James D. Meindl, the director of the Microelectronics Research Center at the Georgia Institute of Technology, says there is a limit to the miniaturization of the electronic components we use in computers and other products. The limit is absolute temperature. Meindl and collaborator Jeffrey A. Davis came to their conclusion by studying the limit two ways. First, they studied the minimum energy required for producing a distinguishable binary transition. They also examined the minimum energy required for sending the resulting signal along a communications channel. The limit for both studies was the same and expressed as E(min) = (In2)kT. In the equation, T is absolute temperature, k is Boltzmann's constant, and In2 is the natural log of two. Although this fundamental limit provides a theoretical stopping point for electronics designers, Meindl says we'll never get close to it because electronic signals move through interconnects no faster than the speed of light and because quantum mechanics theory introduces uncertainties. So, what's next for microelectronics?. No one knows for certain, but Meindl says that's what his nanotechnology research is trying to answer.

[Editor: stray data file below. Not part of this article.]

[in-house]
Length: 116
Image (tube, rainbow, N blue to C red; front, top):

On Memorial Day, Americans remember the sacrifices the US armed forces have made, and continue to make, in service to the country. All of us should also consider the developments in technological capabilities and equipment over the years that contribute to the success of our military operations.
In order to keep in line with safety protocols, industrial networks need to be filtered in a semantic way so that only information related to diagnostics is flowing back to the vendor and that any communications that could be used for remote machine operations are suppressed.
Advanced visualization can depict an entire plant in motion, while also detailing an individual workstation. Individual products can be rendered different for each discipline involved — marketing, engineering, or suppliers.
Focus on Fundamentals consists of 45-minute on-line classes that cover a host of technologies. You learn without leaving the comfort of your desk. All classes are taught by subject-matter experts and all are archived. So if you can't attend live, attend at your convenience.